1934 Pittsburgh Panthers football team

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1934 Pittsburgh Panthers football
National Champions
Eastern Champions
Conference Independent
1934 record 8–1
Head coach Jock Sutherland
Home stadium Pitt Stadium
« 1933 1935 »

The 1934 Pittsburgh Panthers football team, coached by Jock Sutherland, represented the University of Pittsburgh in the 1934 college football season. The Panthers finished the regular season with eight wins and a single loss (to Minnesota at home) and were considered the champions of the East.[1] According to a 1967 Sports Illustrated article,[2] Parke H. Davis, whose selections from 1869–1933 are recognized as "major" in the official NCAA football records book,[3] named Pitt as one of that season's national champions, along with Minnesota, six months after his death on June 5, 1934.[4] The article contained a "list of college football's mythical champions as selected by every recognized authority since 1924," which has served as the basis of the university's historical national championship claims, with the legendary Davis having been the only major selector for three of them, including the posthumous 1934 pick.[5]


Date Opponent Site Result
September 29 Washington & Jefferson Pitt StadiumPittsburgh, PA W 26-6  
October 6 at West Virginia [[]] • Morgantown (Backyard Brawl) W 27-6  
October 13 USC Pitt Stadium • Pittsburgh, PA W 20-6  
October 20 Minnesota Pitt Stadium • Pittsburgh, PA L 7-13  
October 27 at Westminister W 30-0  
November 3 at Notre Dame Pitt Stadium W 19-0  
November 10 Nebraska Lincoln, NE W 25-6  
November 17 Navy Annapolis, MD W 31-7  
November 29 Carnegie Mellon Pitt Stadium • Pittsburgh, PA W 20-0  


List of national championship selectors[edit]

The 1915 team was selected or recognized as national champion by multiple selectors, of which Parke H. Davis's selection is recognized as "major" (i.e. national in scope) by the official NCAA football records book.[3] College Football Data Warehouse also recognizes Pitt as a national champion in 1915,[7] as did a "list of college football's mythical champions as selected by every recognized authority since 1924," printed in Sports Illustrated in 1967. The article revealed that Parke Davis' selection of Pitt after he was dead was the historical basis of the university's 1934 national championship claim,[5] a selection that is not documented in the official NCAA football records book.[3]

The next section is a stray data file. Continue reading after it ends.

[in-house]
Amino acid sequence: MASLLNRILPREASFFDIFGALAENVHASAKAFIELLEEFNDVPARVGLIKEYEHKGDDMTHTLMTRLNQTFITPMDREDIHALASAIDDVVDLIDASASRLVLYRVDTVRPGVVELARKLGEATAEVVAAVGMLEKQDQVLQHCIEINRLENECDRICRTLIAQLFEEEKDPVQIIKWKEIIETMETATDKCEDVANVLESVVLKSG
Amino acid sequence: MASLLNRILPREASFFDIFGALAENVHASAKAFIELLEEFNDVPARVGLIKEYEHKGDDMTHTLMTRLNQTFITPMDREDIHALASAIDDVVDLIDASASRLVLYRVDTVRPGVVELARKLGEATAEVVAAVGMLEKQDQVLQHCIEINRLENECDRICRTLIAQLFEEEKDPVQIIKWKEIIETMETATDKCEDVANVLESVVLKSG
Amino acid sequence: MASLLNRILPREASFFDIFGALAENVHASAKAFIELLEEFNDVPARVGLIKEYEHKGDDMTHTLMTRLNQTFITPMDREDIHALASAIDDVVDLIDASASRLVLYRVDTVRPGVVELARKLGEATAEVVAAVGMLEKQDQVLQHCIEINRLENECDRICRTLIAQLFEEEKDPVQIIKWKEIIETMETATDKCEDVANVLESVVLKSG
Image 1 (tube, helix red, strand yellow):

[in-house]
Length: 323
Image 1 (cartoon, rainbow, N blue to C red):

These are the selectors that determined Pitt to be national champion in 1934, according to College Football Data Warehouse:

However, there are 41 selectors who chose Alabama and Minnesota (who defeated Pitt at home that season) as national champions for 1934,[4] including numerous "major" selectors (i.e., those that were "national in scope").[3]


  • Charles Hartwig, guard, Pitt's team captain. The following season his picture was put on a Wheaties cereal box for being a football hero. He battled back from an injury that caused him to miss his entire sophomore year. A media guide referred to him as a brilliant defensive player and workmanlike on offense. He was a Panther standout in the 1933 Rose Bowl. Played the 1935 East-West Shrine Game. [8]
  • George Shotwell, center became an All-American for his offensive line play in 1934. He was highly regarded for his all-around skills. Shotwell was an intelligent football player known as a keen diagnostician of plays. "I have never seen his superior in this respect, and only a coach knows how valuable this quality is," Coach Jock Sutherland said.[9]
  • Isadore Weinstock, fullback, a smart and aggressive fullback who became an All-American in 1934. He was known as a crack ball-handler, especially on trick plays such as double passes and fake reverses. Weinstock was a fine blocker and also played defensive back, kicked extra points and handled kickoff duties. After suffering a broken nose he became one of the first players to wear a face mask. He led the Panthers in scoring in 1934 with 63 points. After Pitt he went on to the NFL, where he played three seasons at quarterback for Philadelphia and Pittsburgh.[10]

*Bold - Consensus All-American[11]


  1. ^ University of Pittsburgh 1975 football media guide. University of Pittsburgh. 1975. p. 54. Retrieved 2008-08-26. 
  2. ^ Jenkins, Dan (September 11, 1967). "This Year The Fight Will Be In The Open". Sports Illustrated (Chicago, IL: Time, Inc.) 27 (11): 30–33. Retrieved March 4, 2013. 
  3. ^ a b c d 2012 NCAA Football Records (PDF). The National Collegiate Athletic Association. 2012. pp. 69–73. Retrieved March 8, 2013. 
  4. ^ a b "1934 National Championships". College Football Data Warehouse. Retrieved March 8, 2013. 
  5. ^ a b Borghetti, E.J.; Nestor, Mendy; Welsh, Celeste, eds. (2008). 2008 Pitt Football Media Guide (PDF). Pittsburgh, PA: University of Pittsburgh. p. 156. Retrieved 2010-07-07. 
  6. ^ "University of Pittsburgh - 1934". College Football Reference. Retrieved August 30, 2013. 
  7. ^ "1915 National Championships". College Football Data Warehouse. Retrieved March 4, 2013. 
  8. ^ http://www.pittsburghpanthers.com/sports/m-footbl/spec-rel/052306aaa.html
  9. ^ http://www.pittsburghpanthers.com/sports/m-footbl/spec-rel/052306aaa.html
  10. ^ http://www.pittsburghpanthers.com/sports/m-footbl/spec-rel/052306aaa.html
  11. ^ Consensus All-American designations based on the NCAA guide to football award winners